BIEM, CISAC And GESAC Warn Against Phasing Out Of Private Copying Schemes
MIDEM '06 News
Authors' rights organizations are deeply concerned about the future of private copying schemes that provide fair compensation to authors for the private copying of their works by consumers. Private copying is currently under review by the European Commission and other countries around the world, including Australia, Canada, Japan and Mexico. The software industry and the manufacturers of recording devices and blank media are pushing for the abolition of private copying schemes in favour of DRMs. BIEM, CISAC and GESAC consider that such policy would seriously jeopardise the interests of authors and their publishers and would threaten cultural diversity.
Analysis by BIEM, CISAC and GESAC shows that DRMs are far from being generally applied and allowing control over private copying of creators' works. Furthermore, many products and/or services allowing private copying of the entire world repertoire will continue to exist in the future. BIEM, CISAC and GESAC therefore believe it is unjustified to consider any phasing out private copying schemes. They have expressed their concerns directly to EU Commissioner McCreevy and are closely involved in the development of the situation in other countries.
More EU Legislation Unnecessary
The European Commission recently began an investigation into the need to adapt the private copying remuneration schemes that 22 out of the 25 EU Member States use to ensure that authors receive a fair reward for their work.
Bernard Miyet, president of GESAC, said, "There is no economic or other imperative for European legislative intervention to modify current private copying remuneration schemes in Europe. DRMs are still under development and will not offer truly effective protection for rights holders in any foreseeable future. Moreover, the consumers do have an interest in the perpetuation of the exception for private copying, and it is inconceivable that they might be deprived of the possibility to continue to make private copies. Furthermore, private copying schemes are not hindering the growth of the European online market."
DRMs Do Not Render Private Copying Schemes Obsolete
Private copying remuneration schemes have become the subject of a worldwide lobbying campaign, led by the software industry and the manufacturers of recording devices and blank media, that is aiming to persuade legislators that so-called "private copy levies" are now superfluous and should be replaced with technical protection measures (TPMs) and Digital Rights Management (DRM) technology.
BIEM, CISAC and GESAC are fully supportive of TPMs and DRMs as they promise to be useful tools in developing a vibrant and legitimate online market. However, this technology is at an early stage and does not actually prevent users from making unlimited copies. Furthermore, DRM systems currently enable consumers to circumvent the protection so that they can transfer their music onto other digital devices. Moreover, the development of DRMs does not imply that the exception for private copying will disappear.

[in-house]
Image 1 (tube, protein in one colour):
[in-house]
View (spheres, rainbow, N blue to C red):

Cees Vervoord, chairman of CISAC board of directors, said, "Private copying schemes are a win-win for everyone. They provide a simple and cheap solution for consumers; they enable manufacturers to use the copying features on their equipment as an attractive selling point and at the same time creators are remunerated for the copying of their works."
In addition, the Business Software Alliance (BSA) concluded in a recent publication that so-called "levies" are hampering the growth of the European online market. However, in support of its assertion that the US online market is some eight times larger than the European one, they have ignored the all important and highly developed European mobile music delivery market. A true comparison of the two markets reveals that the European digital music market is in fact some three times larger than that of the US. They also predict that the European market will grow by 500 percent by 2008. Therefore, it is highly questionable as to whether private copying schemes have any bearing on the size of the European online market.
Private Copying Remuneration is Vital
Jürgen Becker, president of BIEM, says, "We have seen many exciting technological breakthroughs, enabling us to bring music and other forms of entertainment to more and more people around the globe, whether they are at home, at work or on the move. Ultimately, the culturally diverse content which drives this market relies on creators who in turn depend on earning their living from fair remuneration for the use of their work. The protection of authors' rights by effective means and their fair remuneration is more important than ever."
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